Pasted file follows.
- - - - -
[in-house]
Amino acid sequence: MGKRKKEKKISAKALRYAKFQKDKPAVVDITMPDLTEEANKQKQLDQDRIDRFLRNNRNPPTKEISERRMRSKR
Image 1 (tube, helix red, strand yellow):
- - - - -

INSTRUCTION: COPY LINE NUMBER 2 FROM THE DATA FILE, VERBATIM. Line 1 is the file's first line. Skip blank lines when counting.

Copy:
Amino acid sequence: MGKRKKEKKISAKALRYAKFQKDKPAVVDITMPDLTEEANKQKQLDQDRIDRFLRNNRNPPTKEISERRMRSKR